Peter Farruggio pfarr at UCLINK4.BERKELEY.EDU
Wed Jun 23 06:59:27 UTC 1999

In New York City in the 1960s old time waiters (of 1930s vintage) used this
term in joking conversations to mean "get rid of someone" as in "I 86ed him"

Pete Farruggio

>Unless I am mistaken, 86 can be found in the union handbook for
>waitpersons. It means "we are out of it."
>I've actually had a waiter say it to me, possibly not realizing that I
>might not understand him.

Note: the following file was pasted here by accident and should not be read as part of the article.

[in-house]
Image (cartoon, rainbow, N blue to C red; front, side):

> I am having trouble locating an explanation of the phrase "86",
>> meaning something like "to refuse a customer service" or possibly
>> "to eject a customer". Friends have heard it in "MASH"; I believe
>> it may be part of American restaurant-speak where there are
>> various codes used by waiting-persons for different dishes.
>Has anyone ever checked out the date of the Johnny Verbeck song in relation
>to "hot dog?"
>the greatest problem
>since, well, the "hot dog."

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